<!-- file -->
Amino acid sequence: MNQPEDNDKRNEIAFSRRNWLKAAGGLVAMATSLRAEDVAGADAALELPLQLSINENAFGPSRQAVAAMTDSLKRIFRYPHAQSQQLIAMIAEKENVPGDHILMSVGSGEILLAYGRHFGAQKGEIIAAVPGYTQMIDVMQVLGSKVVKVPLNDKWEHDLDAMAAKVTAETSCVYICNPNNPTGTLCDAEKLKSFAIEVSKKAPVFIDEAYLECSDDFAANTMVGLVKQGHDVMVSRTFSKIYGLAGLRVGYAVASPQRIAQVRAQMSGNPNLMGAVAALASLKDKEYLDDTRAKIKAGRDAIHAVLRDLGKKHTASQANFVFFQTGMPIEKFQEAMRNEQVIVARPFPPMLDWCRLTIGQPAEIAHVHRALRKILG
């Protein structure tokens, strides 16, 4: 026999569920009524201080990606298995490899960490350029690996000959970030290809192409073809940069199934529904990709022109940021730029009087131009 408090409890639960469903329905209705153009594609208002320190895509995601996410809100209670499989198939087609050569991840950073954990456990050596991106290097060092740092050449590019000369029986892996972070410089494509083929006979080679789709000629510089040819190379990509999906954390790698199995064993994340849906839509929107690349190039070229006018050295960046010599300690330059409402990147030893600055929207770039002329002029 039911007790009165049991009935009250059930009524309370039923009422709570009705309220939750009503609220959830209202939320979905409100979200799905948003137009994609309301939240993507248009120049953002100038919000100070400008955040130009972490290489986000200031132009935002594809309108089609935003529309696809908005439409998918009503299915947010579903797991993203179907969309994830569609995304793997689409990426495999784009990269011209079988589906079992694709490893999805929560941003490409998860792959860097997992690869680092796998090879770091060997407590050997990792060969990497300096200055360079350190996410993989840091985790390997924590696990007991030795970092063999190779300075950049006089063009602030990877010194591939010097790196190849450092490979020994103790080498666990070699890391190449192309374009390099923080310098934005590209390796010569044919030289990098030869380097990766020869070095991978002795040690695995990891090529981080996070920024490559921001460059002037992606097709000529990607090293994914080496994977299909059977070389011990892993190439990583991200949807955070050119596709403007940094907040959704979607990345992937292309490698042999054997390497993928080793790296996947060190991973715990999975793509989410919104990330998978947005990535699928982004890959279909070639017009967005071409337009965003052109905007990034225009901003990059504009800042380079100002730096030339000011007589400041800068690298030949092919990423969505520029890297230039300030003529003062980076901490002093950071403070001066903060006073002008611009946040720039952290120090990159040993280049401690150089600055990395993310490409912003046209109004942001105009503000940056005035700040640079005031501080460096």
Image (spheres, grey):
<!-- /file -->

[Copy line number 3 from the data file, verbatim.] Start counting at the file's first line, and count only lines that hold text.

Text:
Image (spheres, grey):